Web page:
I saw a vendor selling something in bottles that looked chocolate-milky… I waved him over and asked what he had. Peanut and Oatmeal, Linseed and Passionfruit juice… Feeling adventurous, but not TOO adventurous… I asked for the Peanut and Oatmeal. Another 5EC… The drink was completely frozen but it didn’t take long for it to begin thawing enough for us to drink it while it was still cold. It was DELICIOUS!!! Sweet and nutty, slightly creamy… mmmm….

We watched the game and started to figure it out… Soon it began to look like rain was coming… A blue tarp and two yellow ones were brought from the sidelines to cover the field! A line of men ran out with the leading edges and positioned the huge tarps over the dirt playing area and some of the grassy area… I guess they’re used to these brief showers interrupting their game!

The players left the field, music began to play and everyone just hung out waiting for the rain to pass… It got windy enough to blow rain into the lower seats of the stadium. I passed our umbrella to Rasta and pointed down to a couple of ladies who needed it. He nodded his head and smiled. We felt a part of the crowd!

Just then, an umbrella appeared over OUR heads. I turned to see the young girl with a shy smile sharing her umbrella with us. Our hearts swelled and we laughed as the rain and wind blew and the people just patiently waited for it to end…

Soon the skies cleared, the men peeled back the tarps and the game was finished. Between games, the field had to be repaired by rolling a heavy flattener over the divots… All of this to the accompaniment of loud music with a rousing beat! Another game began…

A man came up into the stands carrying a small cooler… full of POPSICLES! The people behind us bought some, including our young girl, Emaline. We purchased two of the coconut flavoured popsicles… for 1EC… that’s 37¢ for two… And they were DELICIOUS! Some home made creamy, coconut concoction frozen inside a thin plastic tube-shaped bag, tied at the open end. I had to ask our young friend how to eat them! Just tear the closed end with your teeth and suck out the frosty goodness… She must think we’re idiots! Who doesn’t know how to eat a popsicle???

Here they come again!
The rain started again and the playing stopped The tarps came back out and the music began again!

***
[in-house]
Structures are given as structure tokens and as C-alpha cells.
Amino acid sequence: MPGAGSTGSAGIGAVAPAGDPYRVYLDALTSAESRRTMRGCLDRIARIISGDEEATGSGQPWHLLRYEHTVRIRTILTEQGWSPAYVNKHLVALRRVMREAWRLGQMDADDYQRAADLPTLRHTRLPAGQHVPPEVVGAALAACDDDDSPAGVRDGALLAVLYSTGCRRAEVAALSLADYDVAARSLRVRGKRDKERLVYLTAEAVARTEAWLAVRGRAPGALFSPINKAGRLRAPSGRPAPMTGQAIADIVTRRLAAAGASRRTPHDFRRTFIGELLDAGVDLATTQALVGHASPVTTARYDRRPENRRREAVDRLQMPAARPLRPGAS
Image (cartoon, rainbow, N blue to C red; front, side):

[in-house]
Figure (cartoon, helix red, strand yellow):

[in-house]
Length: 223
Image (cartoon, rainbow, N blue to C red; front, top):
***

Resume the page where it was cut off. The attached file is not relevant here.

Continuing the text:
There was a man wandering around through the crowd… He shook hands and touched people like a politician. Guess what? I asked Rasta who the man was… The Prime Minister! That like our President, but I guess a bit smaller being the Prime Minister of these much smaller Island Countries… but STILL! We watched him as he schmoozed the people. He hugged children, shook hands and walked with his arm thrown across the shoulders of one and all… The people smiled at him and he chatted with them, genuinely interested in them… How cool is that?

Bruce shaking hands with the Prime Minister of SVG

Bruce inviting the Prime Minister of SVG to come to America and be OUR PRESIDENT!

The Prime Minister of St. Vincent and the Grenadines
He stopped and took a bag of peanuts from the Peanut Man on the front row. He passed the peanuts to a tiny boy… then he began counting out bags of peanuts and passing/throwing them out to anyone who wanted one… including US!!! I probably wouldn’t have bought any, but really should have.. They were locally grown and probably the best tasting roasted peanuts I’ve ever eaten! Sweet and nutty!

Tossing the peanuts!
I had fun with Emaline as she instructed me on how to open them… She set a bag for the shells between us and asked if I wanted her to open them for me… I told her that I was OCD and had to open them inside my bag to keep them from making a mess. She smiled at me like I was dumb but harmless… Bruce made enough mess out of his bag for the both of us and she kept prompting me to put his shells into the bag.

There was some security, including a guy watching the PM's every move... 

Peanut Man

She moved down to set beside Bruce...
She has taken us under her wing and accepted us into the fold. For some hours we sat and watched life unfold here on this tiny spec in the Caribbean. We felt welcomed and safe and our hearts warmed even more on this cool, rainy day.

I gave Emaline the rest of my peanuts and shared my water bottle with her. Eventually she asked if she could have it… she seemed to be passing empty bottles to her mom… like they’re saving them. Maybe making more Peanut drink?

Bruce bought her a Peanut drink of her own and got another big bright smile! By this time she had moved down to sit next to Bruce… and asked me to take her picture! But what about the Cricket match???

Well, it had been raining for some time… The professional players were due to play at 2pm and it was past that now. We sat and bobbed to the lively music while watching the people begin to fill the stadium, line the edges of the field and even set up shade tents along the ridge outside the fence. We could tell that the next teams to take the field must be something special… the energy was building.